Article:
The Hudl has a seven-inch 1440x900-pixel HD screen, which should be sharper than the iPad Mini’s 7.9-inch 1024x769 pixel resolution, but not as sharp as the Nexus 7’s seven-inch Full HD 1920x1200 display.  Bear in mind, though, that both these tablets are significantly more expensive than the Hudl at £269 and £199 respectively.

There’s a fairly standard 16GB of storage, which is expandable using a memory card. Wi-fi and Bluetooth are on board and the Hudl also includes an HDMI out – a useful feature for playing back movies on a flatscreen television.

There’s no 3G for getting online on the go.

At 3-megapixels and 2-megapixels respectively (without a flash), the camera specs aren’t fantastic, but will be fine for video calls.


Surely Tesco is going to use it to push its other services?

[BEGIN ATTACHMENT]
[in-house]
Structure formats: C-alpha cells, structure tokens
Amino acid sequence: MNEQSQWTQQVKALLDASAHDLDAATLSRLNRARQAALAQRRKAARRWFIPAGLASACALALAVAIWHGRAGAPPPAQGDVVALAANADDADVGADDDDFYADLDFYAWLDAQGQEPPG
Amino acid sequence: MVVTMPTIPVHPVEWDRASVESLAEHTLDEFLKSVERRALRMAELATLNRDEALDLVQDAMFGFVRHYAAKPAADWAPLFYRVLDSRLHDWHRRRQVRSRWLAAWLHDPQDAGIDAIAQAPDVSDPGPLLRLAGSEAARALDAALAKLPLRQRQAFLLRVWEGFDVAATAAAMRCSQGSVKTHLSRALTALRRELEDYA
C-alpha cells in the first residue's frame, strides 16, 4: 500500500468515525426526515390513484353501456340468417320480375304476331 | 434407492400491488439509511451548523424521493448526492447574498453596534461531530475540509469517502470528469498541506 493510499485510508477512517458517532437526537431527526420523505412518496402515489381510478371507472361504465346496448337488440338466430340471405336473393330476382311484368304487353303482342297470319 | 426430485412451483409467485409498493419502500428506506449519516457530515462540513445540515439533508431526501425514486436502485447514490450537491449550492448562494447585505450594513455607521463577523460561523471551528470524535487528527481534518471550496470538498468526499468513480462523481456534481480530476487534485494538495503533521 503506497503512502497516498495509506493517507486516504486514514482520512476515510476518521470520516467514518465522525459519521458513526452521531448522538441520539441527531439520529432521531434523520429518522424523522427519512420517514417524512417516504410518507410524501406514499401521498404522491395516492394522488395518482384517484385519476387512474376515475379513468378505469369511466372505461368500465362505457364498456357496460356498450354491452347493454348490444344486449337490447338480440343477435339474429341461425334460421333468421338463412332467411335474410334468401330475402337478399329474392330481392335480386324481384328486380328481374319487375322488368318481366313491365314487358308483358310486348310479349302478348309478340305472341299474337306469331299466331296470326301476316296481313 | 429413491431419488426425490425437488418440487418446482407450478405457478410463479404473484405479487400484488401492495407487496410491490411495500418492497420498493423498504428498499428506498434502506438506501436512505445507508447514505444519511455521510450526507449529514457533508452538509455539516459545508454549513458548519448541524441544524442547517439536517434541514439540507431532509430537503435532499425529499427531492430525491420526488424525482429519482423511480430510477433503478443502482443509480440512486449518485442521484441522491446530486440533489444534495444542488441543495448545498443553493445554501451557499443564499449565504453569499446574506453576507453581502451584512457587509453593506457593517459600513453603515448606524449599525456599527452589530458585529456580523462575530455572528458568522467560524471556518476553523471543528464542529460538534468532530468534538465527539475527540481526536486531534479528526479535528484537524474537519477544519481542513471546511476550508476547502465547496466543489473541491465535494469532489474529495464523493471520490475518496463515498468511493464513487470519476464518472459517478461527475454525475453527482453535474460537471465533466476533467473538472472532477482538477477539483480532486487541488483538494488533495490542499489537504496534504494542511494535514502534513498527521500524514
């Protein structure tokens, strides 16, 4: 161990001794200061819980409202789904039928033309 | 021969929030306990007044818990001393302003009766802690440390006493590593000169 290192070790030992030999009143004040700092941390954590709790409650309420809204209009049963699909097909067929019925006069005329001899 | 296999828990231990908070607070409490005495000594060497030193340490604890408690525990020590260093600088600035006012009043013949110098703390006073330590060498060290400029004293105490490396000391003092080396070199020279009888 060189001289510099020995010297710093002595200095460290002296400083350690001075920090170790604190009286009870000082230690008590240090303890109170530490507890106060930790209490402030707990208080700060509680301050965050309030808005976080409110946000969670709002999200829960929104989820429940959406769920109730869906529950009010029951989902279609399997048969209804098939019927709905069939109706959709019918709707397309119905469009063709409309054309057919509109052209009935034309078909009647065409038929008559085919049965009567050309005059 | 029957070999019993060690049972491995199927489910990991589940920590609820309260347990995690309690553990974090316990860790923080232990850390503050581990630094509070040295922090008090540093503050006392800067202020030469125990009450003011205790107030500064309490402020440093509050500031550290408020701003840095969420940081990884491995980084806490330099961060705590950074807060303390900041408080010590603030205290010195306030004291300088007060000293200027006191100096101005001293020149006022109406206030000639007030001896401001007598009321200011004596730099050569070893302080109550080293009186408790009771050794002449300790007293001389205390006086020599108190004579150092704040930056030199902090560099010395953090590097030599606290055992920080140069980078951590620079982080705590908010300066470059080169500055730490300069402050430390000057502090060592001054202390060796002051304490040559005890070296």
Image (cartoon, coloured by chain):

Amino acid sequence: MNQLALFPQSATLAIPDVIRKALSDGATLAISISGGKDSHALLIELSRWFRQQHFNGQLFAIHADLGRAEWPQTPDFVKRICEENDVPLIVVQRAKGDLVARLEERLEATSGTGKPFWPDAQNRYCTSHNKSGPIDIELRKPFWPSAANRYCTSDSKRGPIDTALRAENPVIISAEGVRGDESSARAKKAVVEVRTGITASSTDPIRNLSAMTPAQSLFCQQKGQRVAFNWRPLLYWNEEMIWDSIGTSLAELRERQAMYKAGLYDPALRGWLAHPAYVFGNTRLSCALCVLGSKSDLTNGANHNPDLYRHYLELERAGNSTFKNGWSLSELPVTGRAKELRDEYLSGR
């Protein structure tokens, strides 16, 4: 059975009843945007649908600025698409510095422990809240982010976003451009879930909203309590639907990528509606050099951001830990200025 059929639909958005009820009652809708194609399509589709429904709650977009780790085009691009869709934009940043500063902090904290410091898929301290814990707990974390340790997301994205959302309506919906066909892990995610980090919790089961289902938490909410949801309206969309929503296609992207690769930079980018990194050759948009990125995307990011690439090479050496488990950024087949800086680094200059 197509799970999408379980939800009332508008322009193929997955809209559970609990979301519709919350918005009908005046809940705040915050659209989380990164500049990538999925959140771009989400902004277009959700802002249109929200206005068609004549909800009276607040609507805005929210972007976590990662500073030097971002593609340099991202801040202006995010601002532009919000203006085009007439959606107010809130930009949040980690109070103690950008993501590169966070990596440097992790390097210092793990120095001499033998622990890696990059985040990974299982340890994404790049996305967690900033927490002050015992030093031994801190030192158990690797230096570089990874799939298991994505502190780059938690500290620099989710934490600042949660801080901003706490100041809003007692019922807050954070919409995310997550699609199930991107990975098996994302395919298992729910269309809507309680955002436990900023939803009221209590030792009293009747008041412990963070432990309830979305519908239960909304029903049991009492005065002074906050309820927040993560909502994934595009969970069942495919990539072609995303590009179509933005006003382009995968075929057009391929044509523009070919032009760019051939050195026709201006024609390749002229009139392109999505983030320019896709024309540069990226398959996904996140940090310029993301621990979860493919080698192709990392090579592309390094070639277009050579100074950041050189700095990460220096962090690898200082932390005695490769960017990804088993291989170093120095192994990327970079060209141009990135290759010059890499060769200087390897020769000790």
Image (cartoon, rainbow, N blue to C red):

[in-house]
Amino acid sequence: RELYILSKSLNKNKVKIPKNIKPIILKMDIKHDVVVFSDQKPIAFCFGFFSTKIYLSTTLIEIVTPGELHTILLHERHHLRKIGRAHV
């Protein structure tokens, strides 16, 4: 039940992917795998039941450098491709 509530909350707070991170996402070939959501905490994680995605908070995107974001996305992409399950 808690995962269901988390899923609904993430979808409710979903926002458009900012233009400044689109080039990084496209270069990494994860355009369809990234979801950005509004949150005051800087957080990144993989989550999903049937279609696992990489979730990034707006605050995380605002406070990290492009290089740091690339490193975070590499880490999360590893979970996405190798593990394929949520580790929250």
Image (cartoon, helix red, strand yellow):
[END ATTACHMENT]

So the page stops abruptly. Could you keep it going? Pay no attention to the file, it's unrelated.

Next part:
Over the last few years Tesco has shown it’s not afraid to diversify into new areas. It sells mobile phones and in 2011 it bought movie streaming service BlinkBox.

The tablet will include a dedicated button providing access to Tesco services such as BlinkBox, Groceries and Clubcard.

Three bespoke apps have been designed for the device - BlinkBox Movies, BlinkBox Music and ClubCard TV, while BlinkBox Books is coming soon.

Tesco also hopes you’ll use the tablet to shop. It confirmed the tablet is part of its multichannel strategy where customers can use the tablet to shop “whenever, however and wherever they want”.

Certainly if you are a Tesco customer, the Hudl provides instant and convenient access to multiple services.